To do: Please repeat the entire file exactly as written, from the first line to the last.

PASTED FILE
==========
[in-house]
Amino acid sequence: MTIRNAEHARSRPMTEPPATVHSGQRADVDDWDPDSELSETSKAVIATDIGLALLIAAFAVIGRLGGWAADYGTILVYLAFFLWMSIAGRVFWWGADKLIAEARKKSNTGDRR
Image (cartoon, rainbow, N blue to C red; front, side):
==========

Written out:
[in-house]
Amino acid sequence: MTIRNAEHARSRPMTEPPATVHSGQRADVDDWDPDSELSETSKAVIATDIGLALLIAAFAVIGRLGGWAADYGTILVYLAFFLWMSIAGRVFWWGADKLIAEARKKSNTGDRR
Image (cartoon, rainbow, N blue to C red; front, side):